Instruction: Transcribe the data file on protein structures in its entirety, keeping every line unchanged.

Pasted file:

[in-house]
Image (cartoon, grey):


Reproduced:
[in-house]
Image (cartoon, grey):